—Rob Houghton, Games Editor

Something for a Cold Night

Castellan Mead—$24 (Orchid Cellar Meadery & Winery)

Like all craft brewing, mead-making is having a bit of a moment. No longer is mead relegated to the sickly-sweet stuff you’ll get at Renn Fest (though, to be fair, there is definitely a time and a place)—nowadays if you know where to look you can find meads to suit just about any palate. And while you can still get mass-produced bottles of Chaucer’s Mead from your local wine shop, to get the really good stuff, you’ve got to go local.

Orchid Cellar Meadery & Winery is owned and operated in Middletown, Maryland by a family of Polish immigrants who have brought their taste for the honey wine, and their recipes, from their home country. The medieval origin—through centuries of riffing, remixing, and refining, of course—of their varieties is evident in their varieties’ names: “Archer” is a classic, with Cinnamon, Clove, and Juniper; their “Monk” is attributed to the Bernadine Cistercian monks (and is flavored with rose petals), and their “Scribe” is mixed with cherries. But they are not bound entirely by tradition: their “Hunter” series is not for the feint of heart—it’s got chili peppers in it.

If you’re up for experimenting with mead and not in the east coast, google around a bit. You’ll probably find someone making some excellent stuff. And if not, you could always make your own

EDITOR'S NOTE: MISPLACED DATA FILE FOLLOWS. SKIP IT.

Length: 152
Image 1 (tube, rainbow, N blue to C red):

—Paul B. Sturtevant, Editor-in-Chief

Come on In. Just Stoked the Fire.

The Elder Scrolls: The Official Cookbook—$35 (Bethesda)

The Elder Scrolls is a beloved series of neomedieval video games, and food plays a prominent part in both alchemy and healing (as well as in the snarky remarks from guards—why, yes, Whiterun Guard #47, someone did steal my sweetroll). Now Bethesda has released a cookbook so you can replicate some of the foods found across Tamriel, from Argonian Shrimp Boil to Black-Briar Mead. You know, instead of attempting to raise your health, stamina, or magicka by eating a cabbage whole. The cookbook includes some beautiful photography of the finished foods, as well as bits of lore to place each item in its in-game context.

(And, of course, if you’d rather go more scifi apocalypse than neomedieval fantasy, they also have a Fallout cookbook.)

—Shiloh Carroll, Managing Editor

It Belongs in a Museum!

16th century German necklace—by commission (Eva Johanna Studios)